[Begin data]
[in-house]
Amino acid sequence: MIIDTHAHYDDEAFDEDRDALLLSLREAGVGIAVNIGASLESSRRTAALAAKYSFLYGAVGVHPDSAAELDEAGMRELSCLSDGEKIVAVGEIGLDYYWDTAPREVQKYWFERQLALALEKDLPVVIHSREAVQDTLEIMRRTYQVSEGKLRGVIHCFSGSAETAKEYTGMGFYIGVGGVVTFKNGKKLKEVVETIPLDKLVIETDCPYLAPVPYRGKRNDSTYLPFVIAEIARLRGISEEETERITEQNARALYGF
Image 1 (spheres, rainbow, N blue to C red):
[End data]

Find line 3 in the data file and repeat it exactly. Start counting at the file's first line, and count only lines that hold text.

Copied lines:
Image 1 (spheres, rainbow, N blue to C red):